Background: Progressive enlargement of the aortic root, leading to dissection, is the main cause of premature death in patients with Marfan's syndrome. Recent data from mouse models of Marfan's syndrome suggest that aortic-root enlargement is caused by excessive signaling by transforming growth factor beta (TGF-beta) that can be mitigated by treatment with TGF-beta antagonists, including angiotensin II-receptor blockers (ARBs). We evaluated the clinical response to ARBs in pediatric patients with Marfan's syndrome who had severe aortic-root enlargement.
Methods: We identified 18 pediatric patients with Marfan's syndrome who had been followed during 12 to 47 months of therapy with ARBs after other medical therapy had failed to prevent progressive aortic-root enlargement. The ARB was losartan in 17 patients and irbesartan in 1 patient. We evaluated the efficacy of ARB therapy by comparing the rates of change in aortic-root diameter before and after the initiation of treatment with ARBs.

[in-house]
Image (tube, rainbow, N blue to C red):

Results: The mean (+/-SD) rate of change in aortic-root diameter decreased significantly from 3.54+/-2.87 mm per year during previous medical therapy to 0.46+/-0.62 mm per year during ARB therapy (P<0.001). The deviation of aortic-root enlargement from normal, as expressed by the rate of change in z scores, was reduced by a mean difference of 1.47 z scores per year (95% confidence interval, 0.70 to 2.24; P<0.001) after the initiation of ARB therapy. The sinotubular junction, which is prone to dilation in Marfan's syndrome as well, also showed a reduced rate of change in diameter during ARB therapy (P<0.05), whereas the distal ascending aorta, which does not normally become dilated in Marfan's syndrome, was not affected by ARB therapy.
Conclusions: In a small cohort study, the use of ARB therapy in patients with Marfan's syndrome significantly slowed the rate of progressive aortic-root dilation. These findings require confirmation in a randomized trial.
2008 Massachusetts Medical Society